Sull, Homkes and Sull say that top-down strategy execution has a number of draw-backs, including ‘unravelling’ after the loss of a strong CEO. This is because strategy implementation in large, complex organisations ‘emerges from countless decisions and actions at all levels’. The leaders closest to the situation are best positioned to make the required decisions. Top-down implementation may boost performance in the short-term but it reduces the organisation’s capacity over the long-term. Continue reading
Posted by Lancing Farrell 530 words
This is the fourth post in a series of five. The first post discussed the myth that strategy execution equals alignment, the second post discussed the myth that strategy execution means sticking to the plan, and the third post covered the myth that communication equals understanding.
Sull, Homkes and Sull disagree with executives who believe that a weak performance culture is the reason strategy isn’t translated into results. They say that the ‘official culture’ may not support execution, however, the organisation’s true values will reveal themselves when managers make hard choices from day to day, which usually have a focus on performance.
Two thirds of managers cited past performance as the performance most valued when promotion decisions are made. Underperformers are generally not dealt with well. The majority of organisations studied delay action (33%), deal with underperformance inconsistently (34%) or tolerate it (11%). Overall, the companies surveyed had a strong performance culture, yet they struggled to execute strategy.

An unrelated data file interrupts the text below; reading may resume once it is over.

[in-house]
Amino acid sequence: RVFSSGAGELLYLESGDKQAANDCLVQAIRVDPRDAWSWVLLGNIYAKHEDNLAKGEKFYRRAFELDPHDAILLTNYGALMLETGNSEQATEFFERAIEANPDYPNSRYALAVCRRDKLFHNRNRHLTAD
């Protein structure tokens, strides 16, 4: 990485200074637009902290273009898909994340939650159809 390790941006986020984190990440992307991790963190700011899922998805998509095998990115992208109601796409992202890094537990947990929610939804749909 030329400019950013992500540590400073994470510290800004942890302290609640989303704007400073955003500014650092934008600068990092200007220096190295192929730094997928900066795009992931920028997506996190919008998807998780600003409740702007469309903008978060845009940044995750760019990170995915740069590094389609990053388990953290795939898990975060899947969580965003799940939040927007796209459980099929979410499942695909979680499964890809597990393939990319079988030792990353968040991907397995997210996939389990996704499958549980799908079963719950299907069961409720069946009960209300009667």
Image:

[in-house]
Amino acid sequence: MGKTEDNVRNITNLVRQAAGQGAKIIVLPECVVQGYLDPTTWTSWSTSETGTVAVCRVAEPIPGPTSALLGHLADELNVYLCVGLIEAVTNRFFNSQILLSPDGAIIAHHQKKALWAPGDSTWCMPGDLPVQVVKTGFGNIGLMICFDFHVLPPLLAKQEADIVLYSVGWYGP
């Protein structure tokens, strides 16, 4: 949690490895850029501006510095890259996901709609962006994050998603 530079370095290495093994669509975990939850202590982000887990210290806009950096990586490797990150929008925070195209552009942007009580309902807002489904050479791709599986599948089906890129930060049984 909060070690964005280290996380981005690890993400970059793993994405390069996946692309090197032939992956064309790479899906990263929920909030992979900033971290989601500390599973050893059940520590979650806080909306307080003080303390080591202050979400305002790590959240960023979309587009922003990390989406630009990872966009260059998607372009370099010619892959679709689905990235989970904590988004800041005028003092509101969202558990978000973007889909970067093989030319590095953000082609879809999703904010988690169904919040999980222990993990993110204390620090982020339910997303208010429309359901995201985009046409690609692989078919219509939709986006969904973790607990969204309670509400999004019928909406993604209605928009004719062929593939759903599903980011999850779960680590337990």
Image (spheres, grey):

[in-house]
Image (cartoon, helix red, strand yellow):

The authors believe that the reason is that organisations that value execution must recognise and reward factors other than past performance. Continue reading
Posted by Lancing Farrell 240 words
This is the third post in a series of five. The first post discussed the myth that strategy execution equals alignment and the second post covered the myth that strategy execution means sticking to the plan.
Donald Sull, Rebecca Homkes and Charles Sull say that many executives believe that ‘relentlessly communicating strategy is a key to success’. They suggest that checking whether staff are ‘clear on the organisation’s top priorities’ is less useful than asking them to describe the organisation’s strategy in their own words and to list the top five priorities.
This would be an interesting exercise in local government where the ‘strategy’ is not always clear. Strategy can mean different things. It can be the ‘strategic position’ taken by an organisation in response to customer or community service demands (i.e. its relationship to its market). It can also be the ‘strategic approach’ the organisation adopts in doing the work necessary to meet those service demands (i.e. thinking long term and holistically). And it can be a documented ‘strategic plan’ with actions to move from the current state to another preferred state (i.e. a roadmap). Often these definitions are used interchangeably.